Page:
After a spectacle of a publicity campaign comparable to that of a summer blockbuster movie, Christie's expected Salvator Mundi, reportedly Leonardo da Vinci's last painting in private hands, to sell for around $100 million. In a record-breaking auction, however, the painting ended up going for $450 million, solidly eclipsing Picasso's $179-million Women of Algiers as the most expensive painting ever sold—and causing an outpour of backlash as many decried the triumph of marketing and branding over the quality of the actual artwork. It could prove to be a precedent that doesn't bold well for the future of the art market.
The painting, which Sotheby's sold for a mere £45 less than 100 years ago, has gone through quite the journey since it was first created around the year 1500, falling into the possession of everyone from King Charles I to a Russian fertilizer salesman with connections to Donald Trump. Still, its most recent owner remained unknown until this week—and, it turns out, completely unknown to Christie's until the day before the auction. The buyer, it turns out according to The New York Times, was the magnificently named Bader bin Abdullah bin Mohammed bin Farhan al-Saud—one of Saudi Arabia's 5,000 princes, who has no previous history as a major art collector, appears to be rarely photographed, and maintains an air of secrecy when it comes to his apparently massive wealth.
Update: Christie's has since confirmed that Prince Bader himself was not the actual buyer, but rather was an agent who placed the bid on behalf of Abu Dhabi’s Department of Culture and Tourism. More information on that here. Original post continues below.
Prince Bader only presented himself as a bidder on the painting at the very last minute, which, according to the Times, caused a scramble at Christie's to establish his identity and financial means—even after he put down a $100-million deposit. Even then, Christie's lawyers remained suspicious, persisting in asking him where he got the money and what his relationship was with the Saudi ruler, King Salman. Prince Bader's responses were as shrouded as mystery as the painting itself: the money came from "real estate," and he was "just one of 5,000 princes" in Saudi Arabia. (So modest!)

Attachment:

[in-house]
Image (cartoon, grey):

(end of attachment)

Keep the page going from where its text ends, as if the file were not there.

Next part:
The latter detail, however, was in fact far from reassuring: Saudi Arabia's many princes have caused quite a stir in the news lately, as last month the country's government detained more than 200 people in a crackdown on corruption and embezzled funds amounting to hundreds of billions of dollars, which included singling out many of its most prominent princes. The mass purge was in fact ordered by Crown Prince Mohammed bin Salman, who organized a series of midnight arrests that included 11 of his royal cousins—who happens to be one of Prince Bader's friends and associates.
But Prince Mohammed, whom the Times describes as King Salman's favored son and key adviser, has himself been criticized for his spending habits, including impulsively spending half a billion dollars on a yacht last year while at the same time slashing capital spending by 71 percent. As he and King Salman have also suspiciously appointed Prince Bader to head up the Saudi Research and Marketing Group and another government commission, all this only seems to make Prince Bader's sources of income even murkier—and particularly his motivations in making such a public display of his mysterious wealth on an item that may cause some cultural conflicts in his country. After all, it is a painting of Jesus. Muslims may not see Jesus as the savior, but he is still considered a prophet. Depictions of any religious figures remains controversial amongst a faith that traditionally forbids idolatry.
As for Prince Bader, when he's not palling around with Prince Mohammed, he also works on side projects like partnerships with those ranging from Verizon to Michael Bloomberg, as well as large program he founded to manage the country's recycling. All that seems to have put together enough income for him to be able to offer to pay for the painting in a lump sum. Christie's however, decided it would be better to put the Prince on a six-payment installment plans that's calculated right down to the cent.
Sure, much about Prince Bader—not to mention Salvator Mundi itself—remains a mystery, at least one thing's for certain: Though the painting might ultimately end up tucked away in a storage facility, as several critics predicted, it will definitely at first be making a stop at the new Louvre Abu Dhabi. (Not that it's known exactly when that'll happen or how long it'll be on view.)
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